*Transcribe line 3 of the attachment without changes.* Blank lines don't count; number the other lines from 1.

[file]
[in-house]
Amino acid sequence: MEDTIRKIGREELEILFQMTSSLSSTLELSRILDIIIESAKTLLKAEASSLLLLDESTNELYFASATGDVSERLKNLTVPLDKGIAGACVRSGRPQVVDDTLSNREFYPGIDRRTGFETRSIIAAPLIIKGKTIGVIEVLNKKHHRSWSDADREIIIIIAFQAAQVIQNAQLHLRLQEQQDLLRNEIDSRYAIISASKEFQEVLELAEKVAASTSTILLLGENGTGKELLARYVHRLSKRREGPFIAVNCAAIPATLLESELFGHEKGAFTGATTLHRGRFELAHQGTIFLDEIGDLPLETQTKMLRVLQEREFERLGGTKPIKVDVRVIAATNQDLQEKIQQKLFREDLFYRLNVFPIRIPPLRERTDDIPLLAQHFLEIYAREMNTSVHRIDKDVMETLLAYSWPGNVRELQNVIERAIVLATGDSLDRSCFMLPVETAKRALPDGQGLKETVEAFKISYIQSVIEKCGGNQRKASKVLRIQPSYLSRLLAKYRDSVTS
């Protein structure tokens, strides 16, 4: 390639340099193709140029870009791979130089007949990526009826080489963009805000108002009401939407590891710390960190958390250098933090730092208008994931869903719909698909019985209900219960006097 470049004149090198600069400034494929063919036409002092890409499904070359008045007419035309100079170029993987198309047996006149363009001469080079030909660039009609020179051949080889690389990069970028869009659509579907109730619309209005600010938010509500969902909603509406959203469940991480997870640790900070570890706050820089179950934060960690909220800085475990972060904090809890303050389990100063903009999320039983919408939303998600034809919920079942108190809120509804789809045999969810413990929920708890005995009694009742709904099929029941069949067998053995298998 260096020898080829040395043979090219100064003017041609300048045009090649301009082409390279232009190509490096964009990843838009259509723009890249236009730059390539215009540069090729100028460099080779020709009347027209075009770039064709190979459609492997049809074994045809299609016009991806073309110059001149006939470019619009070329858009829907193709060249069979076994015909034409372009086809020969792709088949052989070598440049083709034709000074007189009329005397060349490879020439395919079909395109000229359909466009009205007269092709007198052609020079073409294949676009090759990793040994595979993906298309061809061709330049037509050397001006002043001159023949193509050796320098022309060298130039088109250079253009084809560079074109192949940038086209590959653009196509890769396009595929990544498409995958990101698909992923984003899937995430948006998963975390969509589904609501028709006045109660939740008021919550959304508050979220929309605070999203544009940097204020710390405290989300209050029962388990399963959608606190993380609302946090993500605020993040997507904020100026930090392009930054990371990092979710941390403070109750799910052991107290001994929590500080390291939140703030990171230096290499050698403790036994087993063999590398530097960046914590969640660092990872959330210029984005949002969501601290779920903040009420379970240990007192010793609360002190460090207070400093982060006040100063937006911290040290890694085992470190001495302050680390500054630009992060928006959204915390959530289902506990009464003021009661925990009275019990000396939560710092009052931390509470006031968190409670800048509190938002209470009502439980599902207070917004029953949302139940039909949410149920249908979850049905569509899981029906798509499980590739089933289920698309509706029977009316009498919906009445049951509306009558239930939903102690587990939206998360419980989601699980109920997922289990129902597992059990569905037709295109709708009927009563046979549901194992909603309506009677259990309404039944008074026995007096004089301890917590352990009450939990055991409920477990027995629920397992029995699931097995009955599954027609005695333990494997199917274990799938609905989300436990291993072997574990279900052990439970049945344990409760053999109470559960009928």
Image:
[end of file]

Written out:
């Protein structure tokens, strides 16, 4: 390639340099193709140029870009791979130089007949990526009826080489963009805000108002009401939407590891710390960190958390250098933090730092208008994931869903719909698909019985209900219960006097 470049004149090198600069400034494929063919036409002092890409499904070359008045007419035309100079170029993987198309047996006149363009001469080079030909660039009609020179051949080889690389990069970028869009659509579907109730619309209005600010938010509500969902909603509406959203469940991480997870640790900070570890706050820089179950934060960690909220800085475990972060904090809890303050389990100063903009999320039983919408939303998600034809919920079942108190809120509804789809045999969810413990929920708890005995009694009742709904099929029941069949067998053995298998 260096020898080829040395043979090219100064003017041609300048045009090649301009082409390279232009190509490096964009990843838009259509723009890249236009730059390539215009540069090729100028460099080779020709009347027209075009770039064709190979459609492997049809074994045809299609016009991806073309110059001149006939470019619009070329858009829907193709060249069979076994015909034409372009086809020969792709088949052989070598440049083709034709000074007189009329005397060349490879020439395919079909395109000229359909466009009205007269092709007198052609020079073409294949676009090759990793040994595979993906298309061809061709330049037509050397001006002043001159023949193509050796320098022309060298130039088109250079253009084809560079074109192949940038086209590959653009196509890769396009595929990544498409995958990101698909992923984003899937995430948006998963975390969509589904609501028709006045109660939740008021919550959304508050979220929309605070999203544009940097204020710390405290989300209050029962388990399963959608606190993380609302946090993500605020993040997507904020100026930090392009930054990371990092979710941390403070109750799910052991107290001994929590500080390291939140703030990171230096290499050698403790036994087993063999590398530097960046914590969640660092990872959330210029984005949002969501601290779920903040009420379970240990007192010793609360002190460090207070400093982060006040100063937006911290040290890694085992470190001495302050680390500054630009992060928006959204915390959530289902506990009464003021009661925990009275019990000396939560710092009052931390509470006031968190409670800048509190938002209470009502439980599902207070917004029953949302139940039909949410149920249908979850049905569509899981029906798509499980590739089933289920698309509706029977009316009498919906009445049951509306009558239930939903102690587990939206998360419980989601699980109920997922289990129902597992059990569905037709295109709708009927009563046979549901194992909603309506009677259990309404039944008074026995007096004089301890917590352990009450939990055991409920477990027995629920397992029995699931097995009955599954027609005695333990494997199917274990799938609905989300436990291993072997574990279900052990439970049945344990409760053999109470559960009928």